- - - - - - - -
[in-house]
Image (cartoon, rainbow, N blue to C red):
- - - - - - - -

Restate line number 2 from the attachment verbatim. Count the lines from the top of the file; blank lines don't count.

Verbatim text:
Image (cartoon, rainbow, N blue to C red):